What is The New Yorker? I know it’s a great magazine and that it’s a tremendous source of pleasure in my life. But what exactly is it? This blog’s premise is that The New Yorker is a work of art, as worthy of comment and analysis as, say, Keats’s “Ode on a Grecian Urn.” Each week I review one or more aspects of the magazine’s latest issue. I suppose it’s possible to describe and analyze an entire issue, but I prefer to keep my reviews brief, and so I usually focus on just one or two pieces, to explore in each the signature style of its author. A piece by Nick Paumgarten is not like a piece by Dana Goodyear, and neither is like a piece by Ian Frazier. One could not mistake Finnegan for Friend, or Bilger for Lepore, or Collins for Khatchadourian. Each has found a style, and it is that style that I respond to as I read, and want to understand and describe.

Friday, April 20, 2012

April 16, 2012 Issue

There are four items in this week’s issue that I want to briefly comment on: Julia Ioffe’s “The Borscht Belt,” Basharat Peer’s “Modern Mecca,” Lauren Collins’s “The British Invasion,” and David Wagoner’s “On the Road to Damascus.”

Julia Ioffe’s “The Borscht Belt”

It takes a while for new New Yorker writers to impinge on my consciousness. Even though Julia Ioffe has been contributing to the magazine for a couple of years, “The Borscht Belt” is the first piece by her that I’ve read closely from beginning to end. This article attracted me because it’s about one of my favorite subjects – food. I enjoyed it, particularly the closely observed details about the Golden Rus chefs’ use of a pech, a traditional Russian brick oven (“Still, the oven’s three little compartments provided enough room for frequent rotation of pans and traditional cast-iron pots – fat-bellied, with narrow bottoms – and its warm roof, about a foot below the kitchen’s ceiling, became a favorite for the three young chefs in the kitchen”) and the wonderful description of Syrnikov’s troubles making samogon (Russian moonshine) while being filmed by a Russian television crew. I especially like the subjective note on which this passage concludes: “In the end, Syrnikov made around two litres of samogon, and we drank it all that night. They say that unlike vodka, samogon doesn’t give you a headache the next morning. It’s not true.” I wish “The Borscht Belt” contained more subjectivity. I craved some hint of Ioffe’s presence in the Golden Rus kitchen and during the banquet. I was pleased when, near the end of the piece, she briefly appears, commenting, “The vatrushka, thick with sweetened farmer’s cheese, was the best I’d ever eaten.”

Basharat Peer’s “Modern Mecca”

Curiously, I felt very close to the style of this piece. I say “curiously” because the subject matter – Islamic religion, pilgrimage to Mecca, rituals of the hajj, etc. – is not my cup of tea. But I found Peer’s style – his glorious subjectivity (e.g., “After the final lap, I retreated to the taps, where a Pakistani man passed around recyclable cups of Zamzam water to fellow-pilgrims”), his superb details (“Pilgrims raised smart phones above their heads to record the moment”), and his preference for “flat” description (i.e., plainness, simplicity, orderliness, sincerity) – to be immensely attractive. I see Peer has written a book, Curfewed Night. I think I’ll check it out.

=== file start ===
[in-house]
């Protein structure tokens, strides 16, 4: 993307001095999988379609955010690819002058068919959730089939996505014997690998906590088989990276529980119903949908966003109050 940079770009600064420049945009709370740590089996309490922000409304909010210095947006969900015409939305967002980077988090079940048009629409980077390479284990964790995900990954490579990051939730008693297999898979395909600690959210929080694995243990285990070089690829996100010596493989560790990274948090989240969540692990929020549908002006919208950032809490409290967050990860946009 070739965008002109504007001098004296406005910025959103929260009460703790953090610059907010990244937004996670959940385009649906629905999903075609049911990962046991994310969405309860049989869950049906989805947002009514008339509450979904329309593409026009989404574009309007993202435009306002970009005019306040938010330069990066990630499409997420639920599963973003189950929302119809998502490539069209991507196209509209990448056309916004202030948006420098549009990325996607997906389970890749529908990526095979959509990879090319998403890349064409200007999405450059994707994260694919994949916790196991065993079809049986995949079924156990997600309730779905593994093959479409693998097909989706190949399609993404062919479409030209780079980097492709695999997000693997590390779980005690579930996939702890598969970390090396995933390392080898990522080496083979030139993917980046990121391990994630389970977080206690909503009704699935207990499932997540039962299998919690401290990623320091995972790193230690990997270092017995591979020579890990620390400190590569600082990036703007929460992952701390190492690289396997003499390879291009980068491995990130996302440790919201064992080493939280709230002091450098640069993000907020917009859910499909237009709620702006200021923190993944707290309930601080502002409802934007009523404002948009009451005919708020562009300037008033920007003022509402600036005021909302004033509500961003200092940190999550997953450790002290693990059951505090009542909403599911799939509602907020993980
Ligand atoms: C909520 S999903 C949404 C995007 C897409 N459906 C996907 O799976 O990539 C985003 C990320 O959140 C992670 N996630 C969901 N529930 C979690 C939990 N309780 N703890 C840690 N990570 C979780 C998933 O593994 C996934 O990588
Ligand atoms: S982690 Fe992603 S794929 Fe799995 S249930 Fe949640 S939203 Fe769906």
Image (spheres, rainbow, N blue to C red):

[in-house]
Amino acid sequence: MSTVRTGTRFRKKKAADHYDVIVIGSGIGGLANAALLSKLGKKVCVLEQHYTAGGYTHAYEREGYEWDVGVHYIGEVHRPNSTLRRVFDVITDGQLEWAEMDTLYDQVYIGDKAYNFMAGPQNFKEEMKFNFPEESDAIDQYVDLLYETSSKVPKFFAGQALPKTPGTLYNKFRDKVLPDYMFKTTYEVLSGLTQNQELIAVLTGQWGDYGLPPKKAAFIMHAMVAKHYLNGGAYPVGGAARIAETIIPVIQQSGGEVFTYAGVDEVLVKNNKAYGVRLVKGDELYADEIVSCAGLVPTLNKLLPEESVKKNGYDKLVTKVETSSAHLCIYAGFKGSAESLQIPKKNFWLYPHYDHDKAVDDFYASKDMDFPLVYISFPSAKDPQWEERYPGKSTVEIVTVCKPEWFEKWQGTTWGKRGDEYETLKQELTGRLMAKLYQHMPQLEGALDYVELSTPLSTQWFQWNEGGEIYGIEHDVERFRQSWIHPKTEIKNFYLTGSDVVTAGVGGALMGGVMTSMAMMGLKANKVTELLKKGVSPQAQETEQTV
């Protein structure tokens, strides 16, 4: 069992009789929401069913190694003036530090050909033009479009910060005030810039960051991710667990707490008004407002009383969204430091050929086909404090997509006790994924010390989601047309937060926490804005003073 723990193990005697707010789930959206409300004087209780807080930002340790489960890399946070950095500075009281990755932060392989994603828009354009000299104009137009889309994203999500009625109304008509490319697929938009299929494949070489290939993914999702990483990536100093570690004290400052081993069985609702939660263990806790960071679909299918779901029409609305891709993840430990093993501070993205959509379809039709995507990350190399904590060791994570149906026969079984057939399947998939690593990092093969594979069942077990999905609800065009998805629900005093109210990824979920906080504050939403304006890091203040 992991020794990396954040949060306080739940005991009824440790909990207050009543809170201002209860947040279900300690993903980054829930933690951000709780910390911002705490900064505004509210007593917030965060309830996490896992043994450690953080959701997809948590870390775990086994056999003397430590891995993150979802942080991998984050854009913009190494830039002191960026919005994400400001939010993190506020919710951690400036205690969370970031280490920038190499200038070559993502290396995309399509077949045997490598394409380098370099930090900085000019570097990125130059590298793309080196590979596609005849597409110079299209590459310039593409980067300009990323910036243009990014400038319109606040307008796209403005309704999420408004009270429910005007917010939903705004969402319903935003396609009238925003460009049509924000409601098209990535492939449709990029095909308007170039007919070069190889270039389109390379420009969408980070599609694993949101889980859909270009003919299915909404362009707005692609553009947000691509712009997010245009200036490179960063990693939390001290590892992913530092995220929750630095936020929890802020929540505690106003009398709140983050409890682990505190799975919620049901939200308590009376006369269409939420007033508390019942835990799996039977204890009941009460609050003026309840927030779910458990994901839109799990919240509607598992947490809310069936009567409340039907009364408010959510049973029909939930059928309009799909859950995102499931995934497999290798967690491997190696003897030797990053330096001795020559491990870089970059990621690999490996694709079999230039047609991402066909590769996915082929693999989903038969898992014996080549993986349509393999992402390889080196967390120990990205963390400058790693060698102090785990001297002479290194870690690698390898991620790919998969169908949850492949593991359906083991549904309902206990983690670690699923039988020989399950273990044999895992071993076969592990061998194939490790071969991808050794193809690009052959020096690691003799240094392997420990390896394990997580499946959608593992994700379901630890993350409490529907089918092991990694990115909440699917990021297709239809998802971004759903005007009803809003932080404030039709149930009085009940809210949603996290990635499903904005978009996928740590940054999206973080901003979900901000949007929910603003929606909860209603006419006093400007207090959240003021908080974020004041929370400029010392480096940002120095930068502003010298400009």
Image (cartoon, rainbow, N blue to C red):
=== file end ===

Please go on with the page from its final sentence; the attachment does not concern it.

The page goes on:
Lauren Collins’s “The British Invasion”

I know I’ve just finished extolling the virtues of plain, simple, orderly, sincere writing. But I also have a love for wild, juicy, labyrinthine sentences, too. Lauren Collins’s “The British Invasion” contains a beauty:

They had been cautioned about nudity (“We hope you have an incredible, stupendous, pant-wettingly, unforgettable week,” but “for heaven’s sake KEEP YOUR CLOTHES ON MAN!!” read a brochure), and about body paint (“The damage caused by body paint numbers into tens of thousands of euros every year”), but the twenty buses – charabancs for social networkers – disgorged swaying centurions, singing pirates, men wearing drinking helmets, men not wearing shirts, a girl with a blow-up doll slung over her shoulder, and a guy wearing something that looked like a diaper.

That “incredible, stupendous, pant-wettingly, unforgettable week” quote is inspired! So is “charabancs for social networkers.” The whole construction is a miniature masterpiece of combinational and syntactical wizardry.

David Wagoner’s “On the Road to Damascus”

Reading David Wagoner’s “On the Road to Damascus” in this week’s issue was like encountering an old friend. His “The Death of a Cranefly” (The New Yorker, October 13, 1980) is one of my all-time favorite New Yorker poems. “On the Road to Damascus” is a different kind of poem; it has a political feel that doesn’t appeal to me. However, the line about the “windowless, riddled, wind-scarred storage sheds” is very fine and shows the master hasn’t lost his touch.

1 comment:

  1. While I found the Borscht Belt article very informative and surprising, I thought the British Invasion was a complete waste of paper. That's not a critique of the quality of the writing, only the subject matter.